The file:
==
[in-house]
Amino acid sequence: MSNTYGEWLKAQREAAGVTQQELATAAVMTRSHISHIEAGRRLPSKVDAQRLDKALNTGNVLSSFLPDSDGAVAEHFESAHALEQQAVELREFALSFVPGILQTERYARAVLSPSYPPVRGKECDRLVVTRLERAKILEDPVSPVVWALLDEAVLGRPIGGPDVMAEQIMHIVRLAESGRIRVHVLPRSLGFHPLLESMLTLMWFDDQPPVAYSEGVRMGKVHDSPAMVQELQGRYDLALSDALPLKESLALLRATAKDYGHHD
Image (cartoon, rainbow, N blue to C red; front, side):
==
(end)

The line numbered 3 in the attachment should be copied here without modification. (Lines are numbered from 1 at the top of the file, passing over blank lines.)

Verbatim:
Image (cartoon, rainbow, N blue to C red; front, side):